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Avoiding Locksmith Scams
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A locksmith belongs to a long history dedicated to security. The design and implementation of locks are important. Most of the individuals who work in this field have apprenticed and learned their craft. They enjoy their work, and are proud members of their communities. A few unscrupulous people claim this field as their own, and they are intent on using the trust built up over generations for the purposes of crime. Knowing what to look for to avoid those who want to scam rather than help you can save you money and time.
How Do Scams Succeed?
Theft or damage from scamming occurs all the time, and they can happen to anyone. Many victims are reluctant to report a scam because they feel foolish about being “duped” or fooled. The reality is scammers will target anyone of any background regardless of education, wealth or status. Often, the very fact someone believes he or she is too smart to be fooled places this individual more at risk. Scammers look for those in situations they are unfamiliar with or when they need help. This makes the role of a locksmith a prime opportunity for someone out to
bilk victims quickly.
Know What to Look For in a Locksmith Shop
Know before calling a locksmith if it’s necessary for a business in this industry to have a license or certification. In some locations those who do work with locks must have some types of insurance or be bonded in order to assure they can account financially for any damage they might cause to property. Looking for this information in a listing for service before calling offers some assurance you are contacting a legitimate business.
Check for Pricing
When looking at online listings for locksmith beware of oddly low prices compared to other local locksmiths. When calling for the service confirm prices and ask specifically is any additional fees are pricing might be attached later. For example, many legitimate services will charge more for late evening or early morning visits to help someone who has an emergency lockout. A scammer however, will take this several steps further and assess a number of additional fees until the end result is far more than the expected total. Often when there’s a pressing need to re-enter a home or car victims of this type of scam will agree to pay. Even after the fact, when those who have entry are then told of an inflated cost complain the scammer might threaten to call law enforcement or hold on to a credit card until the victim agrees to pay. Calling ahead and asking questions can weed those who practice this scam. Typically, those who will inflate the bill will end the call if too many questions are asked about fees.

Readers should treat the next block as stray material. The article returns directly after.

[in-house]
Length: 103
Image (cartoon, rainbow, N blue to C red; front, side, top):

Looking for Feedback
When researching a potential locksmith look for feedback. What a customer says about a business can be helpful. Expecting that local law enforcement or agencies will stop those who inflate prices is typically a failed hope. Checking to see if others who have tried a locksmith have bad experiences can prevent making a costly mistake.
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